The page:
States to Compensate Victims of Road Mishaps on Convict’s Failure to Pay: Supreme Court

data-matched-content-ui-type="image_card_sidebyside" data-matched-content-rows-num="1" data-matched-content-columns-num="4"

Hearing an appeal against the judgment of the High Court of Himachal Pradesh, the Supreme Court postulated and held that it shall be within the authority of the Courts to direct states for granting compensation to the victims of road accidents as well as their relatives, if the convicts or the liable party in the matter is not capable of coming up with the compensation amount on its own. The appeal was filed by the Himachal Pradesh state government

A bench of Justice T.S. Thakur and Justice Adarsh Kumar Goel opined that in a situation where the accused/convict is not in a position to pay the requisite or adequate compensation to the victim of a road accident or victim’s heirs, the Court is obliged to grant compensation to the victim under Section 357A of the Criminal Procedure Code. Section 357A obliges the state to provide compensation available under the Victim Compensation Scheme framed under the section.

Earlier, the High Court of Himachal Pradesh had upheld the conviction of one Ram Pal by taking recourse to the appropriate legal provisions criminalizing “rash” driving. Ram Pal was accused of “rashly” driving a tanker that resulted in the death of 2 people including a 20 year old girl, on 20th August, 2009, close to Manali. But in a surprise move, the High Court annulled the jail term, by substituting with a fine of Rs. 40,000 and made it crystal clear that in case the driver is unable to pay the compensation, the sentence of imprisonment will be revived and enforced.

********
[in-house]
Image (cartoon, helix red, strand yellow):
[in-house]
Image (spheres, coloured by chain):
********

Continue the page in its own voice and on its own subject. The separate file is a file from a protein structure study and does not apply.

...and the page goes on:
data-matched-content-ui-type="image_card_sidebyside" data-matched-content-rows-num="1" data-matched-content-columns-num="4"

However, the Supreme Court declined to re-examine/re-appreciate the evidence in the matter as the matter was brought under the provisions for Special Leave Petition under Art. 136 of the Constitution, which does not oblige the Court to re-appreciate the evidence, in a marked “absence of perversity or patent legal error”. The Court noted that it cannot re-examine and re-analyse the evidence merely to search for a different perspective to the case at hand. Consequently, instead of re-opening the correctness of the earlier judgment from which the SLP was preferred, the Court considered the adequacy of the sentence awarded to the convict.

Observing that the sentence imposed by the Himachal Pradesh High Court is inadequate, as a fine of a mere Rs. 40,000 is not proportionate given the nature and seriousness of the offence and the gravity of the resultant injury. The Court also noted that a sum of Rs. 3.60 lakh has been awarded to the deceased’s heir as part of their insurance settlements.

Consequently, the top court modified the order of the High Court and considerably enhanced the amount of compensation awarded to the victim’s heirs to Rs. 1 lakh, to be paid by the convict. Further, the bench directed the state government of Himachal Pradesh to pay an interim compensation of Rs. 3 lakh.

data-matched-content-ui-type="image_card_sidebyside" data-matched-content-rows-num="4" data-matched-content-columns-num="4"

by Siddhartha Singh.